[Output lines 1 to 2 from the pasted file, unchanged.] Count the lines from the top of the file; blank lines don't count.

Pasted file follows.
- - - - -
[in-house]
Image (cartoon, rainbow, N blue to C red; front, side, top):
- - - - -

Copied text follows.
[in-house]
Image (cartoon, rainbow, N blue to C red; front, side, top):